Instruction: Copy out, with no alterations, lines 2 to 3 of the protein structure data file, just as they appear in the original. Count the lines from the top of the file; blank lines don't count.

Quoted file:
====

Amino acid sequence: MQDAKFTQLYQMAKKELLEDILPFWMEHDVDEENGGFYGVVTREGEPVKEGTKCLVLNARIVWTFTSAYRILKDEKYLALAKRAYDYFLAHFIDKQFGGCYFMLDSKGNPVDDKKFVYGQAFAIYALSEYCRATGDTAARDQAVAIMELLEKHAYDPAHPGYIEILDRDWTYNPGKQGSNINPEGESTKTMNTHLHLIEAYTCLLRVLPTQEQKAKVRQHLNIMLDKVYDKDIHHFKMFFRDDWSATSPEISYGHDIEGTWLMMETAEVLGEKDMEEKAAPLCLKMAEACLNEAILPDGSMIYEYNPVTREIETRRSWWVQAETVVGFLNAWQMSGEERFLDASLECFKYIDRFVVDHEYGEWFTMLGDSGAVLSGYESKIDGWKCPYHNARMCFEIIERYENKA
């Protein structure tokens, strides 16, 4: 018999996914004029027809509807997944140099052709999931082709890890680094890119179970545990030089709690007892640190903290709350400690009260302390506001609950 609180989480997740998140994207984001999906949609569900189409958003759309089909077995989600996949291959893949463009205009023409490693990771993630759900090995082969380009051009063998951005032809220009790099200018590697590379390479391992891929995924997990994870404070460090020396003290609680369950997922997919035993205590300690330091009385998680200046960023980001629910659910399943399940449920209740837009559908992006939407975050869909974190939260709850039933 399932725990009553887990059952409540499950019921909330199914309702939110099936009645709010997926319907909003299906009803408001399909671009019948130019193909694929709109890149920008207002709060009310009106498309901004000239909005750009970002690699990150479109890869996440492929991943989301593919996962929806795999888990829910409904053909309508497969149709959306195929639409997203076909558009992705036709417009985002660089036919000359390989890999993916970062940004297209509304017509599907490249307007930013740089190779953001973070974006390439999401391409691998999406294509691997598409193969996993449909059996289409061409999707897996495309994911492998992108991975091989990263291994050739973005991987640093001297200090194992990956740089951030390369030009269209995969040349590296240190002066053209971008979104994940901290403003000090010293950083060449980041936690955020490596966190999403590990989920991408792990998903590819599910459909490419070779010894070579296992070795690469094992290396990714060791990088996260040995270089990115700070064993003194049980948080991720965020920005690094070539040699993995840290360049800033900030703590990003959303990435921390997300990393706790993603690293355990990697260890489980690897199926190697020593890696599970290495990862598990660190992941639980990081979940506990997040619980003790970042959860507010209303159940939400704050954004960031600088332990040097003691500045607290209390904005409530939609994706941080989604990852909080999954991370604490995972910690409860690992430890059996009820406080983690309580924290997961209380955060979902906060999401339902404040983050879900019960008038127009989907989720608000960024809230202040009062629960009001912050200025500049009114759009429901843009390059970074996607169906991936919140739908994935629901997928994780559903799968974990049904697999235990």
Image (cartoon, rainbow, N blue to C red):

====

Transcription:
């Protein structure tokens, strides 16, 4: 018999996914004029027809509807997944140099052709999931082709890890680094890119179970545990030089709690007892640190903290709350400690009260302390506001609950 609180989480997740998140994207984001999906949609569900189409958003759309089909077995989600996949291959893949463009205009023409490693990771993630759900090995082969380009051009063998951005032809220009790099200018590697590379390479391992891929995924997990994870404070460090020396003290609680369950997922997919035993205590300690330091009385998680200046960023980001629910659910399943399940449920209740837009559908992006939407975050869909974190939260709850039933 399932725990009553887990059952409540499950019921909330199914309702939110099936009645709010997926319907909003299906009803408001399909671009019948130019193909694929709109890149920008207002709060009310009106498309901004000239909005750009970002690699990150479109890869996440492929991943989301593919996962929806795999888990829910409904053909309508497969149709959306195929639409997203076909558009992705036709417009985002660089036919000359390989890999993916970062940004297209509304017509599907490249307007930013740089190779953001973070974006390439999401391409691998999406294509691997598409193969996993449909059996289409061409999707897996495309994911492998992108991975091989990263291994050739973005991987640093001297200090194992990956740089951030390369030009269209995969040349590296240190002066053209971008979104994940901290403003000090010293950083060449980041936690955020490596966190999403590990989920991408792990998903590819599910459909490419070779010894070579296992070795690469094992290396990714060791990088996260040995270089990115700070064993003194049980948080991720965020920005690094070539040699993995840290360049800033900030703590990003959303990435921390997300990393706790993603690293355990990697260890489980690897199926190697020593890696599970290495990862598990660190992941639980990081979940506990997040619980003790970042959860507010209303159940939400704050954004960031600088332990040097003691500045607290209390904005409530939609994706941080989604990852909080999954991370604490995972910690409860690992430890059996009820406080983690309580924290997961209380955060979902906060999401339902404040983050879900019960008038127009989907989720608000960024809230202040009062629960009001912050200025500049009114759009429901843009390059970074996607169906991936919140739908994935629901997928994780559903799968974990049904697999235990």
Image (cartoon, rainbow, N blue to C red):